Is Paris our last hope for survival?

Traffic was terrible last Friday while the remnants of Tropical Storm Grace were passing through Barbados. As I was sitting for hours in the rain, I had more than enough time to think about how Dominica was decimated by a mere storm and also how the island’s development was set back 20 years, according to their Prime Minister, the Honourable Roosevelt Skerritt, in his address to the nation.

This is of course not the first time a storm or an even weaker system has destroyed parts of our islands. Storms and low pressure systems have been thrashing our behinds for a while now. I think back to Tropical Storm Tomas in 2010. It snuck up on Barbados in late October and wreaked a bit of havoc. It felled trees, destroyed houses, caused flooding and made roads impassable.

Furthermore, just 3 years later, an out-of-season trough affected a now recovering St. Lucia and St. Vincent on Christmas Eve. It shows that as soon as you get back on your feet, you can be knocked down again when you least expect it. I had only just left a workshop in St. Lucia a few days before the event. While on a field trip, I spoke to a farmer who said he had just recovered from Tomas and he showed me his bountiful harvest. When I contacted him after the trough, he said his field was once again wiped out and he needed to restart for the second time. This was his livelihood and I doubt it will be the last time disaster strikes.

While inching forward every 20 minutes or so I also thought about Loss and Damage and if it was on the table for the region. Small Island Developing States (SIDS) are indeed most vulnerable to climate change effects. They are also susceptible to sea level rise especially since most of the inhabitants live in low-lying coastal areas. The administrative offices in Barbados are located just a few metres from the sea and our electricity comes mainly from a coastal plant. Let us not forget the droughts that we have had and in the words of Bob Marley, ‘You ain’t gonna miss your water until your well runs dry’. Lastly, the insanely unusually hot weeks we have been having. These effects not only affect the economy but our health and well-being.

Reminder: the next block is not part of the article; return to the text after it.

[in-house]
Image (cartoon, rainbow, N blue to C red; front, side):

I am elated though about the unity and swift action this region has displayed so far with aid swarming into Dominica daily. Countries are individually raising money, collecting food stuff and sending rescue personnel to help our neighbour out.

As a young climate change advocate, I have to applaud the work of youth organisations such as the Caribbean Youth Environment Network (CYEN) which help to raise the awareness of the region’s young citizens about climate change impacts. Additionally, the Action/2015 global campaign which aims to mobilise regular citizens worldwide to address climate change, inequalities and poverty.

Conversely, commitments from larger and richer G8 countries to reduce their emissions and provide funds for adaptation and mitigation projects are necessary for our survival. It seems that climate change negotiations so far are going as slowly as this traffic. Will there be an agreement that satisfies the needs of the Caribbean SIDS? We can only hope.

In the meantime, I would suggest that community vulnerability studies be done for each country to map the most vulnerable areas to different disasters. In this way we can be better prepared for disasters like Erika.

 

Dirty behaviours hamper our resilience

Aedes Egypti mosquito carries several diseases
Aedes Egypti mosquito carries several diseases